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‘Uncontacted’ Amazon Indians of Peru closely captured for first time

Wednesday, 1 February 2012 - 9:59pm IST | Place: London | Agency: ANI
Clicked in Manu National Park, south-eastern Peru, the detailed images depict the daily life of a family from the Mashco-Piro tribe.

A campaign group has released the first ever ‘close up’ images of one of the world’s last uncontacted tribes - the Amazon Indians.

Clicked in Manu National Park, south-eastern Peru, the detailed images depict the daily life of a family from the Mashco-Piro tribe.

The Mashco-Piro are known to inhabit the park, but sightings of them have increased in recent months, the Daily Mail reported.

Illegal logging in the park and low flying helicopters from nearby oil and gas projects has been held responsible for driving the Indians from their forest homes.

The Mashco-Piro are one of around just 100 known uncontacted tribes who prefer not to have contact with the outside world. They lead a traditional life in the Peruvian forests and have little or no outside contact with the world.

Families within the tribes fashion tools from wood and other materials, including the teeth of animals.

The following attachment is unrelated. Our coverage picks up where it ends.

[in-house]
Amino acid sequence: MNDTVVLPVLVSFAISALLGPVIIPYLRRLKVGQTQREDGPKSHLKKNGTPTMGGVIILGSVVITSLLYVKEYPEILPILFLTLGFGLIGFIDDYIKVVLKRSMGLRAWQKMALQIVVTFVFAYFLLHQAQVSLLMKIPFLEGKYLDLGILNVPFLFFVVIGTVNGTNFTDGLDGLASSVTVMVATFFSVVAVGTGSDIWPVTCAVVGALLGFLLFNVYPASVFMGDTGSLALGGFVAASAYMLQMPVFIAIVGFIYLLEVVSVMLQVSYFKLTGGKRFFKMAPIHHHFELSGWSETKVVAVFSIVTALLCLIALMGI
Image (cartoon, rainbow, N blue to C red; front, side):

The pictures show the adults and children wearing decorative loops around their wrists, knees and ankles - some of which can be used to carry tools.

The adult female is also seen sporting a form of skirt, which is thought to be made from pulped tree bark fibres.

The threat of attempting to establish contact with tribes who choose to remain isolated has recently been confirmed after the death of a native Matsigenka man.

Nicolas ‘Shaco’ Flores was shot in the heart by an arrow near the national park as he was leaving food and gifts for a small group of Mashco-Piro Indians, something that he had been doing for the past 20 years.


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